Ms. Nash seems more modeled on her father. She and her best friend, as teenagers in West Hartford, Conn., were officers of their high school's student council, both marched for civil rights and against the Vietnam War, and both had great grades. That was enough to get her friend - a boy - into Yale. But back then, Yale did not accept girls, period. And because Ms. Nash wanted to stay close to home - her father had died when she was 16, and she wanted to stay near her mother - she went to what was then the Connecticut College for Women. She saw Yale as preferable, but Connecticut College was "just enough.'' She majored in Greek and Latin.
In the turbulent 60's, Ms. Nash found herself equally fascinated by mythology, ancient history and current events. She had hoped to become a classics professor. "The ancient Greek heroes had tragic flaws that brought them down, and so did Richard Nixon,'' Ms. Nash said - quickly adding that the comparison ended when it came to the Greeks' nobility and divinity. "I began to understand the fascination of power.''
MS. NASH went on to graduate work in classics at Harvard. In 1974, she married Thomas Beale, whom she had met in a Greek class. There were few jobs for classics professors when she got her doctorate in 1976. So she switched her specialty to government and business, which she called "the two areas where contemporary issues of power and morality played out.'' In 1980, she joined the Harvard Business School faculty, and became fascinated by exploring the values, behaviors and views of success that characterized high achievers.
"I had this growing sense," she said, "that the definition of success in business had grown too narrow, too based on money.'' In July 2001, she and Mr. Stevenson began the research that led to "Just Enough.'' Two months later came the Sept. 11 attacks, and the interviews became far more poignant. "People who had felt satisfied before suddenly were questioning why their work, their lives, didn't feel more meaningful,'' she recalled.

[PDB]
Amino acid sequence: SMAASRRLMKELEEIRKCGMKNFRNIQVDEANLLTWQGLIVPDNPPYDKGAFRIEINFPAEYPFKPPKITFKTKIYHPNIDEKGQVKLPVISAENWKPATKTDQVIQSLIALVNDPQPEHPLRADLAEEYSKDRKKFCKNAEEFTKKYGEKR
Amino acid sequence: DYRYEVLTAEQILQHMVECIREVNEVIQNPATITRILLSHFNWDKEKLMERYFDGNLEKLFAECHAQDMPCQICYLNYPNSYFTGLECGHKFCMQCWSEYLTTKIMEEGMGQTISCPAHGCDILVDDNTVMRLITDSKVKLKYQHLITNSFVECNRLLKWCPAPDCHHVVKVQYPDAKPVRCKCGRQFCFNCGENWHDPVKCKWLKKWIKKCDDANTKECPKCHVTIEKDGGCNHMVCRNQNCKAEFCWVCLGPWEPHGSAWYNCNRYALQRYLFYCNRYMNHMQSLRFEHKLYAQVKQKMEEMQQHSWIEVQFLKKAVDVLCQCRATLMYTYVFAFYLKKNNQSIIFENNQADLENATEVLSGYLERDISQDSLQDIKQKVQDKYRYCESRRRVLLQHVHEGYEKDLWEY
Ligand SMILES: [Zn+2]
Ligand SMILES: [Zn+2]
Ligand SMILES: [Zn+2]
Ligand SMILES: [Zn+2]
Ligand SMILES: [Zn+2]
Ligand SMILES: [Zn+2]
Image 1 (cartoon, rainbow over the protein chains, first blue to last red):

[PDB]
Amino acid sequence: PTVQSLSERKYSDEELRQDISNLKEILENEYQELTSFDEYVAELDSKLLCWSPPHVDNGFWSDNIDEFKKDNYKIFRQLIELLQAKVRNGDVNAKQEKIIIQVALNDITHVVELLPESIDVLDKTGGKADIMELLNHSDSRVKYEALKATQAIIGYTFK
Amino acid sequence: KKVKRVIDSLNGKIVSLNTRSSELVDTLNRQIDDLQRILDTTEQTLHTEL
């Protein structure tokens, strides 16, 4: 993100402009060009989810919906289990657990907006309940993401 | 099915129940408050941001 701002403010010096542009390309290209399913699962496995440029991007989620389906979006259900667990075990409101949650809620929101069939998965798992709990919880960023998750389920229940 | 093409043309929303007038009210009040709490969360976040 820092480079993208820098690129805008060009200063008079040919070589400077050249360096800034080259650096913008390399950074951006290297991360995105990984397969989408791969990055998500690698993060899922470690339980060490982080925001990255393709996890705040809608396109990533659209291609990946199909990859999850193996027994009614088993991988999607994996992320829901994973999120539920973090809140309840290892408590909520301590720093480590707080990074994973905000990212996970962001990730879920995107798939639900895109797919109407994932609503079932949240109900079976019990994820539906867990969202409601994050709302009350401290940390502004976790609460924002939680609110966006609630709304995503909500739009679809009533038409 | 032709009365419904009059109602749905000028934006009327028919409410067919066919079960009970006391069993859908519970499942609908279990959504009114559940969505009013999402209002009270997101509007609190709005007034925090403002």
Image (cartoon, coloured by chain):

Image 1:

So is it possible to be content, even in a world where the bar for "best'' is raised daily? Ms. Nash says the answer is yes. Here are some of her recommendations for reaching that emotional nirvana:
Recognize that superstardom often carries the baggage of lapsed ethics, alienated spouses or children, substance abuse and a lack of plain ordinary fun. Many people envied the lavish life that L. Dennis Kozlowski had as chief executive of Tyco International, but few envy his arrest and trial on charges of securities fraud and theft. Many people crave the accolades that John F. Welch Jr. got as chairman of General Electric, but few would want the publicity that accompanied his messy divorce and the reports that the company footed many of his personal post-retirement bills. "Do you really want to be the total celebrity C.E.O., or just the parts about winning and wealth?" Ms. Nash asks, in classic rhetorical fashion.
If you cannot be a high achiever, switch to the "significance" sphere of life. You are passionate about ballet but have two left feet? Maybe contributing money or joining the board of a dance troupe will feel like "just enough.'' If not, decide if you can use your other talents - say, business acumen or an eye for design. "You can start a ballet company or design a new ballet shoe, or even supply shoes to the dancers,'' Ms. Nash said. "Look elsewhere for achievement; look to ballet for significance.'' [more]
... or start a blog.